But of course we won’t.Alan Moore has his reasons for not wanting to produce work for 2000AD again, strethcing back to the owners of the time when he last worked there (and maybe other reasons too). As I understand it (basically I'm guessing!), it'd be to do with the fact that he and Ian Gibson retain no copyright over the characters he created for IPC/Fleetway/Egmont/Rebellion. He's not the only one to be cross about this - perfectly reasonably - although he is perhaps the only one who is determined to stick to some strict definition of principles about the whole thing, while other creators have been pacified by some or other means (inlcuding, but not limited to, needing money). See also: Moore's feuds with Marvel, DC and I'm sure other publishers too.

Goodbye, Alan Moore, we hardly knew ye. (although of course we went on to find out plenty more with the non-2000AD comics he write and continues to write. Most of them incredibly well.)

Dammit, Alan, I know you know ther reason even if Waldo 'D.R.' Dobbs forgot it!
Art by Alan Davis

More on Alan Moore:
(if you dare stir up that dark corner of the internet…)
I enjoyed Tim Callahan's series on the man's (almost complete) bibliography 
A relatively genial interview on Mustard
A bunch of people have written, and no doubt will continue to write, very large books about Alan Moore:

The Extraordinary Works by George Khoury

-both of which cover his 2000AD work. 

Feel free to Google 'Alan Moore arguments' for long-lasting fun times.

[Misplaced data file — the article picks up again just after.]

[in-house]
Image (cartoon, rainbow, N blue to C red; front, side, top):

Personal favourites:
Abelaard Snazz: The Final Solution; The Double-Decker Dome strikes back; Genius is pain
D.R. & Quinch (all of it)
Halo Jones (all of it)
Shorts: English/Phlondutrian Phrasebook; Last rumble of the Platinum Horde; the Wages of Sin; Mr, could you use a Sqounge?; And all of them were empty (the title alone sends chills!); Sunburn; Hyper Historic Headbang; The Reversible Man; Lethal Laziness of Lobelia Loam; Chronocops; Going native

…and those are just the ones I can call to mind based on the title; I bet most of the others are pretty great.

There's a punchline coming...
Art by Jesus Redondo

 *OK, not ALL the best ones, but if anyone were to rank them all, pretty much all of his would be right up there, wouldn’t they?

**As many readers will know, Moore was very specifically inspired by a US series known as ‘O.C. and Stiggs’ that ran as short prose stories in National Lampoon magazine. The style and tone is very similar, to be sure, as Moore himself has been quick to a) be upfront about and b) lament. Frankly I don’t find this to be a problem. Also, I’d NEVER have heard of OC & Stiggs if it hadn’t been for the immense joy and enduring popularity of DR & Quinch. The point is, I have no qualms giving Moore (and especially Alan Davis) credit for creating these characters!


  1. That was a good one, Alex. I'll be sacrificing a virgin to Glycon tonight, in your honour.

  2. I had to look that one up! Good old Alan Moore, adding to my store of knowledge even via a passing comment!

  3. Technically, Moore's final prog was 500 as he and Ian Gibson contribute a Halo Jones page to 'Tharg's Head Revisited'.

    And O.C. and Stiggs is marginally more famous than that as Robert Altman directed a film based on their exploits (admittedly during his 1980s wilderness years and not very widely seen).